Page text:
The Man Who Took 1 Million photos
NYC Exhibit of Garry Winogrand
There is a certain beauty in the everyday or the ordinary, and to capture it takes an extraordinary eye to see, and even harder, to be able to show it.
Garry Winogrand was an expert of being able to capture the everyday sophistication of an American post war era. His pictures were framed askew at times, with the subject being a little out of focus of the shot, or even the framing of the subjects were sometimes dizzying. He is said to have worked at a frantic, frenetic pace, just because of the way he wanted the photographs to look like. .
The sheer amount is overwhelming with the artist known to have had two cameras simultaneously around his neck, shooting a scene in black and white, and the same scene in color, which at the time (around the 1960s) he was using it, was still a little looked down upon as a plodding platform that needed intensive means of development, and were more for Christmas family photos rather than a serious art medium.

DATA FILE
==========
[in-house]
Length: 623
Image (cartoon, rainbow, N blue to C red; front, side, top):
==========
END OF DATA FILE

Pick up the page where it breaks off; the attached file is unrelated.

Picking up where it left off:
He passed when he was 56 years old quite suddenly and left behind a behemoth library of about 10,000 undeveloped film rolls, images to show off a time when Women’s Liberation was coming to the fore, and the era of free love predominantly on the streets of New York City..
Though as arresting as the black and white medium he used was, his use of the color photographs is now being hailed as a great cross section of mid-century Americana in all its vibrant but quiet every day sophistication. Through his 35mm Leica camera, an American master shows off history and the gloriousness in the ordinary.
The exhibition Garry Winogrand: Colour is in the Brooklyn Museum until the 8th of December 2019.